Exhibition at the Galerie Marc Maison : an exceptional furniture set created by Moses Michelangelo Guggenheim for the Palazzo Papadopoli in Venice between 1874 and 1881

A major rediscovery for the History of 19th century Italian furniture, the Galerie Marc Maison presents as world exclusive this complete furniture set counting fourteen pieces, including this sublime sculpted walnut Credenza, on the occasion of a unique exhibition in its new gallery at the Flea Market of Paris Saint-Ouen.
Under the direction of the designer and antiquarian Moses Michelangelo Guggenheim, the Palazzo Papadopoli of Venice, owned by the Aldobrandini-Papadopoli brothers, was entirely refurnished between 1874 and 1881. For this sumptuous place, Guggenheim will use decorative languages from several different periods, from Italian Renaissance to Louis XIV and Louis XVI’s reigns, furnishing every room in a precisely determined style. Thus, the Salone Delle Quattro Porte, a grand reception room of the Palazzo, was given an exceptional design inspired by Venetian 16th century, in particular through this furniture set, which was sculpted by the Stabilimento d’Arti Decorative e Industriali Guggenheim directed.


Of outstanding quality, these furniture pieces finely sculpted in walnut enable the great rediscovery of a unique artist who made the worldwide pride of Venice. A true masterpiece, this hardly equaled work, reaching the 19th century decorative arts top-level, owed Guggenheim a Gold Medal for Merit in Sciences and Arts handed by Ludwig II of Bavaria.



Period photograph of the Salone Delle Quattro Porte in Palazzo Papadopoli showing part of the furniture by Guggenheim.


The impressive style of Michelangelo Guggenheim is based on the reappropriation of antique styles, remodeled according to his taste imbued with an extraordinary historical culture. He is thus able to draw his clients into the aristocratic atmosphere of glorious ages, which seduces volunteers all across Europe to design full interiors. Such is the case of the Palazzo Papadopoli, entirely re-decorated by this amazing artist.



The monumental display cabinet from the Salone Delle Quattro Porte, Palazzo Papadopoli, Venice.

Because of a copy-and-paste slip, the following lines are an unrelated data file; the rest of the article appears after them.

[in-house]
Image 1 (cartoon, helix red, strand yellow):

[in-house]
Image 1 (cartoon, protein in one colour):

Guggenheim had to be inspired by this highly historical place built in 1560 for the powerful Coccina Family, immortalized by Veronese, a family that owned it over two centuries. In 1748, the palazzo passes in the hands of the Tiepolo, from which are the illustrious painter Giambattista Tiepolo, and his son Giandomenico, a painter as well, who made part of the decoration.
In 1864, the brothers Nicolo and Angelo Aldobrandini-Papadopoli become owners of the sublime palace. Bankers, industrialists and parliamentarians at the same time, they launched a massive work of reorganization about 1874-1875, to such extent that one could say : “the 16th century Tiepolo Palace has given birth to the 19th century Papadopoli Palace.”

This undertaking was lead by the architect Girolamo Levi and by the designer and antiquarian Moses Michelangelo Guggenheim. The first was in charge of the work of expansion and modernization of the palace, the second of interior decoration. Guggenheim created a journey through the ages inside the Palazzo Papadopoli, conceived to amaze the guests. He leaned on the rich history of the place to bring it back to life: he gives every room the luxury of a different period, from Quattrocento to 18th century, in a yet achieved harmony. Hence, the “Salone delle Quattro Porte” takes us to the scholarly atmosphere of Venetian 16th century Humanism.


The exhibition of the furniture set originating from the Salone delle Quattro Porte of the Palazzo Papadopoli in Venice, Italy, will take place from march 17th to may 15th 2017 at the Galerie Marc Maison, Marché Cambo, 75 rue des Rosiers, 93400 Saint-Ouen (Paris Flea Market).
All the information are on our website :  www.marcmaison.com/expo
Telephone : + 33 (0)6 60 62 61 90

The Palazzo Papadopoli on the Grand Canal of Venice.

The exhibition catalog

 
 

Antique Paneled Rooms

 

Popularized by the Renaissance’s scholarly atmospheres, the paneled rooms provide the major asset of being insulating and soundproof, in addition to harmonizing interior decoration. Composed by elements and panels that can be dismantled, it is meant to adapt to houses and flats.

The greatest European Palaces, such as the Chateau of Versailles and Buckingham Palace, owe the elegance of their rooms to these discrete and omnipresent elements of decorative arts. Emphasizing the height of rooms, the slender moldered panels become a praised vocabulary for private mansions in 18th and 19th centuries.

Far from only covering walls, wood paneling is structuring interiors, creating arches, niches, able to transform entire rooms. It sometimes also includes consoles, libraries, staircases and wardrobes which combine with the walls in a very sophisticated decoration.